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Electric bikes have undergone a big transformation over the last few years. Initially, e-bikes were considerably heavier than their non-assisted counterparts – most weighed in the region of 25kg, which wasn’t a problem as long as you had the e-assist. However, if you ran out of battery power a few miles from home you would be left struggling to pedal a very heavy bike. For this Ribble AL e-review, Ribble Cycles have kindly lent me this great e-bike for a few weeks to test. The AL e is one of the new-generation electric bikes that focus on lightweight design and motor/battery integration.
Ribble AL e Specification
|Motor||Mahle X35 Rear Hub Motor|
|Battery||252Wh Panasonic Cells|
|Range||30-80 miles – Dependant on how often assist|
|Weight||14.5kg (Medium Frame)|
|Gearing||SRAM NX 1 x 11-Speed|
|Brakes||Shimano UR300 Flat-Mount Hydraulic|
|Accessories||Integrated Rack and Mudguards|
|Availability||Visit Ribble Cycles|
- Very Lightweight
- Smooth pedal assist
- Good Gear Range
- Looks Great
- A little underpowered
- Low Battery capacity
Why buy a lightweight electric bike?
There are many benefits to owning a lightweight electric bike, the main one being you can ride it like a normal bike without any significant weight penalty over a regular bike. Another less talked about advantage is you can carry the bike if necessary without risking a hernia!
Another consideration is many buyers who want to transport their e-bikes for leisure cycling will find that most bike racks fitted to cars have a weight limit, meaning that two (or more) 25kg electric bikes will be potentially hazardous to carry.
There are some disadvantages to a lightweight electric bike, the main one being reduced battery capacity. The other is a small hub motor will not give the same level of assistance as a mid-drive like the Bosch or Shimano Steps motor. This reduction in performance is somewhat offset by the significantly reduced bike weight though.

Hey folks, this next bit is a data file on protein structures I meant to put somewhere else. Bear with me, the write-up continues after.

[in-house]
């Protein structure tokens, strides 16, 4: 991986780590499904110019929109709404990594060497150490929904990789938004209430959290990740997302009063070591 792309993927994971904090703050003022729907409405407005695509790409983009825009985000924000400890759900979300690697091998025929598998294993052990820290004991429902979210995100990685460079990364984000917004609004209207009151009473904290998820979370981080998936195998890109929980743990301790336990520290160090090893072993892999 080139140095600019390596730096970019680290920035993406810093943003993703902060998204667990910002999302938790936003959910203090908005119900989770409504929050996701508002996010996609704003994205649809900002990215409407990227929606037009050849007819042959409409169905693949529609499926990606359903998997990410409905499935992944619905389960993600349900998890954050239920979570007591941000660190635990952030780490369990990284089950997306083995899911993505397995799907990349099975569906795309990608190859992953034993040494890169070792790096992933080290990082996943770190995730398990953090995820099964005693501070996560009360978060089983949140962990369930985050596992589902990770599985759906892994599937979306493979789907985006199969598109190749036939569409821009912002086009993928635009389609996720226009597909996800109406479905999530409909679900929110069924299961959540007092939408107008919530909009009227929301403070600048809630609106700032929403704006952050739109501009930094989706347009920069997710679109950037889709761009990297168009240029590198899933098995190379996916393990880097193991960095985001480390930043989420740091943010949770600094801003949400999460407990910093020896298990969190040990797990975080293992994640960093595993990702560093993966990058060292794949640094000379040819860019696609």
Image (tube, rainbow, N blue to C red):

The Ribble AL e hybrid electric bike is currently one of the lightest e-bikes in its class, weighing in at a mere 14.5kg. This is for the test model which has mudguards, an integrated rack and Schwalbe Marathon puncture-resistant tyres. This weight could be reduced even further by going for the basic model.
I’ve had the pleasure of using the AL e for a couple of weeks and it’s a joy to ride with or without the assist – it’s nimble, comfortable and if you only rely on the e-assist for hills you can squeeze quite a few miles out of the small 250Wh battery.
Just like its more expensive siblings, the Ribble AL e uses the excellent x35 ebikemotion assist system – this comprises a small rear hub motor and frame-integrated battery pack. The main benefit of this particular system is weight, but another big plus is integration – at a glance the AL e is indistinguishable from a regular bike.
The M1 hub motor used in the x35 ebikemotion system is small – not much bigger than an internally geared hub. Despite its size, it provides a very useful boost when negotiating steep hills. I have ridden this bike wearing a heart rate monitor and the effort when riding one of my local steep climbs is significantly reduced.
Electric assist is delivered very smoothly via a small sensor ring installed at the end of the rear gear cassette – this is much more sophisticated than the more common cadence-based pedal assist sensors found on cheap e-bikes. When you start pedalling the assist comes in very smoothly, if fact it’s very subtle – riding the AL e with the assist on feels like you always have a strong tailwind, and the subdued hum of the motor is barely perceptible.
The electric system on this test model is controlled by a single button mounted on the top tube near the steerer. This simplified design negates the need for a clunky display. The surround of the button has a colour-coded LED which changes colour according to how much battery range you have left and the assist level you are in.
If you prefer there is the option of connecting your smartphone to the bike using the ebikemotion app – this turns your phone into an excellent display and provides information like battery range, speed, cadence, and navigation plus you can connect a heart rate monitor and upload activities to fitness tracking apps like Strava. For mounting your phone safely to the handlebar I would use something like a Quadlock.
The Ribble AL e uses a 250Wh (watt hour) battery pack that is neatly concealed inside the down tube – the highest quality Panasonic NCR18650GA lithium cells are used, ensuring good longevity and performance. The battery cannot be removed for charging but can be accessed through a cover near the underside bottom bracket (for servicing).